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The King is an archetype of major proportions, representing the height of temporal male power and authority. Both benevolence and cruelty in their extreme expressions are associated with this archetype. (Classic to the cruel King is the collective hope of his kingdom that he should fall from his throne.) The King is associated more with the royal blood and inheritance, whereas an Emperor can arise from common society, as did Napoleon. The bloodline connects the King to the Prince archetype and to attitudes of "entitlement," one of the shadow characteristics of archetypes associated with rulership. A resistance to criticism, questioning, and challenges in decisions about controlling his kingdom. is also part of the King's shadow.
Throughout history, the pendulum has swung from good Kings to evil, from benevolent, even saintly rulers to greedy, gluttonous criminals. King Louis IX of France--St. Louis--combined the qualities of a just ruler, fearless warrior, and holy man. The thirteenth-century sovereign lived for the welfare of his subjects and the glory of God. Charlemagne, King David, and Akhenaton of Egypt were among earth's most enlightened, if occasionally all-too-human, rulers. And then there were Mad King George III of England, who led the Colonies to rebel; King Louis XVI of France was synonymous with decadence and excess; Emperor Hirohito of Japan led his country into a devastating war.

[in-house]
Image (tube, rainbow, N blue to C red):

This archetype maintains the same characteristics on an individual level, whether one's kingdom is a corporation, community, or family. The need to rule and exert control over a kingdom is key to this archetype.